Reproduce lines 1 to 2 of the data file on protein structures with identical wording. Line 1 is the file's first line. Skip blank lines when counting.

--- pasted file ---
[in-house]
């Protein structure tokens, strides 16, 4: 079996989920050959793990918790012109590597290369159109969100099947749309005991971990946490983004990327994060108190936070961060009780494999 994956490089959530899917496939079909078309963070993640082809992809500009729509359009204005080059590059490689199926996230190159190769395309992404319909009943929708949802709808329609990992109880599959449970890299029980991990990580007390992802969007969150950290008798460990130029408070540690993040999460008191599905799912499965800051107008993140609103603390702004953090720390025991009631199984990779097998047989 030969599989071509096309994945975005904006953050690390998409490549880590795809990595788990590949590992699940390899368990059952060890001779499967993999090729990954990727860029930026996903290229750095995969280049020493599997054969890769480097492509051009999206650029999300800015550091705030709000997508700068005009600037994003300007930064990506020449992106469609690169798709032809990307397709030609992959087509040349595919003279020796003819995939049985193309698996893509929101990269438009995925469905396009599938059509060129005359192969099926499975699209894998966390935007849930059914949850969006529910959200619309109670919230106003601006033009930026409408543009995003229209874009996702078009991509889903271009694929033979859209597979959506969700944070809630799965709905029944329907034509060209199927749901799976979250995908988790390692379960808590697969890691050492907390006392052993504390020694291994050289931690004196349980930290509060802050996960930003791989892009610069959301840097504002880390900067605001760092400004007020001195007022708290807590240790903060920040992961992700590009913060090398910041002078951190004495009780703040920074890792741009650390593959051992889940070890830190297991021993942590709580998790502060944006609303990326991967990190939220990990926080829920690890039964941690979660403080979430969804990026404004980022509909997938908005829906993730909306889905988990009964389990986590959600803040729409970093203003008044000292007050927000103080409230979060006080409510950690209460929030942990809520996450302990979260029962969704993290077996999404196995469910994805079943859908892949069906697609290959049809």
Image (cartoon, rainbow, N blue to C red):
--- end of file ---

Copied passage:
[in-house]
């Protein structure tokens, strides 16, 4: 079996989920050959793990918790012109590597290369159109969100099947749309005991971990946490983004990327994060108190936070961060009780494999 994956490089959530899917496939079909078309963070993640082809992809500009729509359009204005080059590059490689199926996230190159190769395309992404319909009943929708949802709808329609990992109880599959449970890299029980991990990580007390992802969007969150950290008798460990130029408070540690993040999460008191599905799912499965800051107008993140609103603390702004953090720390025991009631199984990779097998047989 030969599989071509096309994945975005904006953050690390998409490549880590795809990595788990590949590992699940390899368990059952060890001779499967993999090729990954990727860029930026996903290229750095995969280049020493599997054969890769480097492509051009999206650029999300800015550091705030709000997508700068005009600037994003300007930064990506020449992106469609690169798709032809990307397709030609992959087509040349595919003279020796003819995939049985193309698996893509929101990269438009995925469905396009599938059509060129005359192969099926499975699209894998966390935007849930059914949850969006529910959200619309109670919230106003601006033009930026409408543009995003229209874009996702078009991509889903271009694929033979859209597979959506969700944070809630799965709905029944329907034509060209199927749901799976979250995908988790390692379960808590697969890691050492907390006392052993504390020694291994050289931690004196349980930290509060802050996960930003791989892009610069959301840097504002880390900067605001760092400004007020001195007022708290807590240790903060920040992961992700590009913060090398910041002078951190004495009780703040920074890792741009650390593959051992889940070890830190297991021993942590709580998790502060944006609303990326991967990190939220990990926080829920690890039964941690979660403080979430969804990026404004980022509909997938908005829906993730909306889905988990009964389990986590959600803040729409970093203003008044000292007050927000103080409230979060006080409510950690209460929030942990809520996450302990979260029962969704993290077996999404196995469910994805079943859908892949069906697609290959049809």